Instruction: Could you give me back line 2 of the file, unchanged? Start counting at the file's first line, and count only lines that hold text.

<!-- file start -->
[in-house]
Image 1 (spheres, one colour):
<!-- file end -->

Image 1 (spheres, one colour):